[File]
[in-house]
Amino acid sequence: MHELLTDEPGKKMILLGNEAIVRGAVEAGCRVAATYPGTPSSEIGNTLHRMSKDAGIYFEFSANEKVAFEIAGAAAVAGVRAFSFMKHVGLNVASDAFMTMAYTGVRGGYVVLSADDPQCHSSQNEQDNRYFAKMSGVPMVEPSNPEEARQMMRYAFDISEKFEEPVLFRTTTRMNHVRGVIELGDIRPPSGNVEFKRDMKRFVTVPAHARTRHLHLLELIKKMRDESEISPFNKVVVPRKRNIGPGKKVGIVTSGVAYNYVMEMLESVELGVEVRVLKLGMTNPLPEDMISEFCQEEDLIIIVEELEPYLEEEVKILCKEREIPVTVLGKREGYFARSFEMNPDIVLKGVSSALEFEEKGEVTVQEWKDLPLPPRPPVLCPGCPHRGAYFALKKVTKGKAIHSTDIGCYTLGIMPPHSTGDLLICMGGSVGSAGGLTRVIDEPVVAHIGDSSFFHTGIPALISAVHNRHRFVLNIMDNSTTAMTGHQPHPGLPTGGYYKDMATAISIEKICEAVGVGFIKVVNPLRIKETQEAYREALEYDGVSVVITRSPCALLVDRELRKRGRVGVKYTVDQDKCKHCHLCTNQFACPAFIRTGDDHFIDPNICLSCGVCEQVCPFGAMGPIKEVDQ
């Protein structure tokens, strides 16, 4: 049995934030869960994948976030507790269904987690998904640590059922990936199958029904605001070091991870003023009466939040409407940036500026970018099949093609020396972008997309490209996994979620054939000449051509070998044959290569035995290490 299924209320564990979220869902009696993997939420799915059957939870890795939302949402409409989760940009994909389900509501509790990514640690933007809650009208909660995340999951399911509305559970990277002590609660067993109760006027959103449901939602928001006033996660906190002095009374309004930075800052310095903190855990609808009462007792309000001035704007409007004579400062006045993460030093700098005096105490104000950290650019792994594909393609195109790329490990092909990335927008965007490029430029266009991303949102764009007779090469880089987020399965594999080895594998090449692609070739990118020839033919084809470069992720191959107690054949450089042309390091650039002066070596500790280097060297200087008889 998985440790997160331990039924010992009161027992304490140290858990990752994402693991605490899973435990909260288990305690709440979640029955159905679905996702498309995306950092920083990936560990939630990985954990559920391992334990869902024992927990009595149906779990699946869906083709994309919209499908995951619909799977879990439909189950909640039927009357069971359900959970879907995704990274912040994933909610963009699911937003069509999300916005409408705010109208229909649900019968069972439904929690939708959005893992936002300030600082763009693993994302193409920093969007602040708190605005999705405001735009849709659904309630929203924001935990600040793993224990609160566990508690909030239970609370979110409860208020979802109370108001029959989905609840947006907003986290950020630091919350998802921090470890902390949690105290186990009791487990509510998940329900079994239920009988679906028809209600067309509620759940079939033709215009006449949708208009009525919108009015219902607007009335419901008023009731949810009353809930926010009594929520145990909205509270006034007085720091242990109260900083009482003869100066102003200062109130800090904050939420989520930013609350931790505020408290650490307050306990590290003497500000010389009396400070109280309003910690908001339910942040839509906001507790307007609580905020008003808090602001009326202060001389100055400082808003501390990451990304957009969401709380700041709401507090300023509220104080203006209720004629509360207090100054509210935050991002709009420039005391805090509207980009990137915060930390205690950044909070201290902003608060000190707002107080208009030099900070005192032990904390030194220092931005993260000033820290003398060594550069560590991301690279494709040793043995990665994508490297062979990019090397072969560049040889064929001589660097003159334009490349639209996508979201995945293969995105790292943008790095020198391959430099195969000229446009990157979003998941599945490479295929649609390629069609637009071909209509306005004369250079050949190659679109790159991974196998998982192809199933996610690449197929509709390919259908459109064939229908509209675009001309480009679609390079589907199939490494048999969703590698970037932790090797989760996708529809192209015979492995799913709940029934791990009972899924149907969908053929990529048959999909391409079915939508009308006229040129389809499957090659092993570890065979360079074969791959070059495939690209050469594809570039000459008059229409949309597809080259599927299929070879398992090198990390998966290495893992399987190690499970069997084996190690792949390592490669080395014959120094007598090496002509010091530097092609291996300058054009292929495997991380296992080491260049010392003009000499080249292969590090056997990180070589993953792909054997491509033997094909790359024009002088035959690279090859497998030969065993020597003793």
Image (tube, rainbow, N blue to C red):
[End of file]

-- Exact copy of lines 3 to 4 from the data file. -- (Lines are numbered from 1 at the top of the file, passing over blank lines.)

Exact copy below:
């Protein structure tokens, strides 16, 4: 049995934030869960994948976030507790269904987690998904640590059922990936199958029904605001070091991870003023009466939040409407940036500026970018099949093609020396972008997309490209996994979620054939000449051509070998044959290569035995290490 299924209320564990979220869902009696993997939420799915059957939870890795939302949402409409989760940009994909389900509501509790990514640690933007809650009208909660995340999951399911509305559970990277002590609660067993109760006027959103449901939602928001006033996660906190002095009374309004930075800052310095903190855990609808009462007792309000001035704007409007004579400062006045993460030093700098005096105490104000950290650019792994594909393609195109790329490990092909990335927008965007490029430029266009991303949102764009007779090469880089987020399965594999080895594998090449692609070739990118020839033919084809470069992720191959107690054949450089042309390091650039002066070596500790280097060297200087008889 998985440790997160331990039924010992009161027992304490140290858990990752994402693991605490899973435990909260288990305690709440979640029955159905679905996702498309995306950092920083990936560990939630990985954990559920391992334990869902024992927990009595149906779990699946869906083709994309919209499908995951619909799977879990439909189950909640039927009357069971359900959970879907995704990274912040994933909610963009699911937003069509999300916005409408705010109208229909649900019968069972439904929690939708959005893992936002300030600082763009693993994302193409920093969007602040708190605005999705405001735009849709659904309630929203924001935990600040793993224990609160566990508690909030239970609370979110409860208020979802109370108001029959989905609840947006907003986290950020630091919350998802921090470890902390949690105290186990009791487990509510998940329900079994239920009988679906028809209600067309509620759940079939033709215009006449949708208009009525919108009015219902607007009335419901008023009731949810009353809930926010009594929520145990909205509270006034007085720091242990109260900083009482003869100066102003200062109130800090904050939420989520930013609350931790505020408290650490307050306990590290003497500000010389009396400070109280309003910690908001339910942040839509906001507790307007609580905020008003808090602001009326202060001389100055400082808003501390990451990304957009969401709380700041709401507090300023509220104080203006209720004629509360207090100054509210935050991002709009420039005391805090509207980009990137915060930390205690950044909070201290902003608060000190707002107080208009030099900070005192032990904390030194220092931005993260000033820290003398060594550069560590991301690279494709040793043995990665994508490297062979990019090397072969560049040889064929001589660097003159334009490349639209996508979201995945293969995105790292943008790095020198391959430099195969000229446009990157979003998941599945490479295929649609390629069609637009071909209509306005004369250079050949190659679109790159991974196998998982192809199933996610690449197929509709390919259908459109064939229908509209675009001309480009679609390079589907199939490494048999969703590698970037932790090797989760996708529809192209015979492995799913709940029934791990009972899924149907969908053929990529048959999909391409079915939508009308006229040129389809499957090659092993570890065979360079074969791959070059495939690209050469594809570039000459008059229409949309597809080259599927299929070879398992090198990390998966290495893992399987190690499970069997084996190690792949390592490669080395014959120094007598090496002509010091530097092609291996300058054009292929495997991380296992080491260049010392003009000499080249292969590090056997990180070589993953792909054997491509033997094909790359024009002088035959690279090859497998030969065993020597003793």
Image (tube, rainbow, N blue to C red):